After The Jump: An Appeal To Help Laid-Off Journalists

Palm Beach Post reporter Stacey Singer has an idea to help the growing number of laid-off South Florida journalists:

"With our profession disintegrating, I believe we need to band together in a constructive way, and create a non-profit organization whose mission is to help journalists transcend this transition into the unknown."

But to get started, she needs the pro-bono help of a lawyer. Surely one of our local barristers can give a hand, no? Singer's number -- and plea -- follows, appropriately, after the jump.

With our profession disintegrating, I believe we need to band together in a constructive way, and create a non-profit organization whose mission is to help journalists transcend this transition into the unknown.

I'm looking for people who would consider serving on a real, not virtual, board, and put real time and effort into raising money, organizing health insurance resources, a child care pool, tech support resources...whatever our colleagues need to help them survive and thrive as journalism jobs disappear.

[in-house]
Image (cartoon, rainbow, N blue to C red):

We're looking for pro-bono legal help and non-profit consulting advice to get started. I'd like to get folks working on issues of governance, fundraising and guidelines. Will you help? This is a great chance to show our friends how much we care, and to learn new skills that will help our own careers in the changing information marketplace.

The board of the South Florida chapter of the Society for Professional Journalists has voiced their support for this effort to help our colleagues. I want to get the Florida Society of Newspaper Editors involved, too.

I'm proposing calling this organization "After the Jump: Helping Journalists in Transition."

Please contact me if you'd like to get involved. We'll have an organizational meeting soon.

Sincerely,
Stacey Singer DeLoye
[email protected]
561-738-5123

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Journalist Bob Norman has been raking the muck of South Florida for the past 25 years. His work has led to criminal cases against corrupt politicians, the ouster of bad judges from the bench, and has garnered dozens of state, regional, and national awards.
Contact: Bob Norman